As I watched, I immediately thought of a problem from the night before. My son had a small emotional outburst about the pressure of upcoming exams, right before I was due to teach online. I could hear people entering our video conference room as my son stormed out of the room. Internally, I was feeling like this was a problem that I wish I could have fixed before I had to teach and be present for others. Definitely, it would have been my PREFERENCE to smooth over my son’s frustrations.

However, that was not an option. In that moment, I had to let go of my preference, spend a few moments grounding myself, and make the decision to shelf the problem until the teaching was over. Which I did. The teaching went well and I was 100% present for the session. What was interesting, though, was when it was over and I went upstairs to check in on my son, he had just closed his books and was looking up at me and asking if I wanted to watch some Netflix with him. The problem had sorted itself out. He was fine. He was over it.

If I would have held on to my preference to find a way to sort my son’s problem as soon as possible, I would have not been able to be present for the online tutorial. I would have been mentally tormented for that hour and a half session. I would have suffered. Instead, my actions were not defined by my preference and by taking a nonreactive pause, or shelving the problem, I was able to maintain my presence for the group that I was with. AND everything was OK in the end.

So this week’s challenge is to take a non-reactive pause when a problem arises. Can we simply just be with the discomfort of difficulty or  challenge and take the space to allow it unfold without jumping in to fix? We might like to notice how this feels in the body, what type of thoughts arise as a result of this pause, and how we are feeling emotionally.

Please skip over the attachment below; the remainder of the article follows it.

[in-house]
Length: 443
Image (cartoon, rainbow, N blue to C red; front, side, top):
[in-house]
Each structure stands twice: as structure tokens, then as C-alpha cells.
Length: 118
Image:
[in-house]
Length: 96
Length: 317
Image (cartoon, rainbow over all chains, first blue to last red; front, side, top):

Let us know how you get on!

To watch our Street Presence video of a visit to Rob Nairn in South Africa, see below:

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Conscious Conversations

Last night, I was lucky enough to meet up with old friends to have a ‘catch up’. It has been months since we were all together and the excitement for the opportunity to reconnect and share a bit of our personal happenings was infectious. At times, it felt like we were all talking at once. However, as we settled in to our places and the realization that we all have the time and the space to listen and be heard, our conversations became less frenzied and more spacious.



Mindful listening is a practice. Personally, there have been many conversations that I have had with people that I have been in a daze for, or anticipated what I would say before the other person was even finished speaking, or completely missed the other person’s perspective as I was too wrapped up in my interpretation in what they were sharing.

Last night, I caught myself, many times, eager to jump into the conversation with my contribution before the other person had finished. The fear that the very important things that I had to say would get missed was causing an anticipation rising in my body.

I had to stop myself. Remind myself to really practice mindful listening- hear my friends’ stories as something separate to my need to speak. To listen without assuming. And it completely transformed my experience of the evening.

I soon realized that, ACTUALLY, not everything that entered my head had to be shared, and that through the practice of mindful listening, I gave my friends my undivided and complete presence. It felt great. And when it did come turn for me to speak or respond, the gift was reciprocated.

This week’s mindfulness challenge is to practice mindful listening. Perhaps, we can all set the intention to notice when we feel the ‘my turn! my turn!’ voice creeping in as someone is talking. We can pause, and direct our listening attention to what the other person is saying. Then, when they are finished, see if our ‘my turn! my turn!’ voice really needed to be heard. If so, take your turn!